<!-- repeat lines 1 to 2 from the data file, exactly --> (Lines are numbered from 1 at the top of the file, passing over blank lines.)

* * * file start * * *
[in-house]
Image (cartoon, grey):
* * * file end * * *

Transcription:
[in-house]
Image (cartoon, grey):